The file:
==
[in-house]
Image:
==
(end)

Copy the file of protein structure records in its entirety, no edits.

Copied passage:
[in-house]
Image: